I am sure that many readers have seen this floating around the internet. I am not great at math; I’m not intuitive at it and hate trick questions most of all, because they are … tricky. On the other hand, ever since realizing when I started law school that in my life I couldn’t avoid – what, exactly? – well, the basic math required to do the first year of a standard MBA, I have forced myself to grapple with math with my limited math intuition. I work problems, learn the formulas, do online courses that force me to do problem sets to keep basic skills in things like statistics.
I’m saying all this as a suggestion to people like me who, unlike apparently the vast majority of VC commenters, are not particularly good at math but need it at some level. The problem for folks like me, who need it, even like it, but are not great at it, is that there’s always a higher level. The key for most people, for people like me, as with most technical subjects that are not directly your day job but still important, is to figure out where to perch yourself. There’s no point in my trying to turn myself into a scientist, engineer, economist, or CS person. What this means is that I do best when it’s fairly routine, and I’m working within a particular topic – what I hate and what I’m sure most people like me hate, are tricky word problems that might draw on something completely outside how I understand the problem. The sort of intuitive leap that I am really good at in some things, but not in this.
Put another way, if it’s the sort of problem that The Chief Conspirator loves, it’s probably my worst nightmare. That said, I assumed that this was one of those fiendishly counterintuitive problems that sometimes confuse even sophisticated technical folks. But even after consulting one of my pop sci books on games with statistics, it didn’t seem to fit. I won’t embarrass myself by trying to explain how I thought about it; I did start by asking, suppose there were only one choice, what? Suppose there are two choices, what? But this approach didn’t seem to quite answer the question. I’m now not sure if the question is ambiguous in some way, or whether I’m simply missing, as ever, the intuitive leap. It’s bugging me, though, and I Won’t Rest Until You All Have Answered It.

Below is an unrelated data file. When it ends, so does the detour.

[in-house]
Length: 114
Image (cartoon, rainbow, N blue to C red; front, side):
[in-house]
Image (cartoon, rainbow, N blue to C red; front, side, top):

(And while I’m thinking of it, I should note that I have been experimenting with my comments policy on my posts. I’ve been swinging round to the view that I don’t have time to edit comments, or even read them most of the time. So I am generally going for a no comments policy, unless I have a specific question or series of questions to which I want to direct commenters. As in one of my earlier posts on Greek CDS exposures, focusing the questions to commenters and deleting responses that were off topic seemed to help focus the comments. It seemed both to draw in expert substantive comments and to avoid the problem of path dependency leading to the entropic phenomenon of Comment Thread Decay – a special Hari Selden-like natural law of social networks with anonymous commenters. So this is opened to comments, and … please explain your answers.)
(Update: Thanks for the explanations; I understand the recursion now. Further question: does this kind of recursion problem show up in actual computer science situations? In however complicated or specialized form? Of course, my reason for posting this was also to indirectly think about ways in which people have to “pick their level” in technical subjects. That means, in many situations, having enough background to spot the problem as a problem and then have an inkling of how one might solve it – but then having to ask other people to actually have confidence in an answer. I’m interested, in other words, in how to think about managerial decision-making on the part of non-specialists and specialists, including when to ask for help. In this case, what the specialists tell me, among other things, is that it is dangerous to assume in this case that there is a correct answer as though it were an SAT or brain-teaser with a defined answer. I sort of thought this – understood that I seemed to be looping – but then didn’t have the knowledge to have confidence that this was, in fact, the core of the problem.)